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Christian C. Ruff, Felix Blankenburg, Otto Bjoertomt, Sven Bestmann, John-Dylan Haynes, Geraint Rees, Oliver Josephs, Ralf Deichmann, Jon Driver; Occipital activations and deactivations induced by stimulation of the right human frontal eye field. Journal of Vision 2005;5(8):365. doi: https://doi.org/10.1167/5.8.365.
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© ARVO (1962-2015); The Authors (2016-present)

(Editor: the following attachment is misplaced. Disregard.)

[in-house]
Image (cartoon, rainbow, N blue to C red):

The frontal eye fields (FEF) are traditionally thought to be involved in the preparation and execution of eye movements, but more recent evidence suggests a role in covert spatial attention also. Projections from this putative control area in frontal cortex may modulate activity in visual cortex, but direct evidence for this is lacking in humans, despite recent breakthroughs in monkey studies. Here we used a combination of fMRI and Transcranial Magnetic Stimulation (TMS) in the scanner to show that stimulation of human FEF can modulate activity in retinotopically mapped visual cortex. Right FEF stimulation activated bilaterally sectors of retinotopic visual cortex (V1–V3, and beyond) that represent the peripheral visual field; but it deactivated sectors representing the central visual field. This FEF-induced retinotopic pattern did not depend on resting activation in visual cortex, as it was equivalently present with or without concurrent visual stimulation. Nor was it due to TMS-induced eye movements, blinks, or pupil changes. These data (1) provide direct support for FEF modulation of visual cortex, (2) are consistent with recent anatomical and physiological studies in other primates, which suggest distinct FEF-occipital connections for central and peripheral visual field representations, and (3) illustrate how concurrent TMS and fMRI can now be used to study functional influences between remote but interconnected brain areas.
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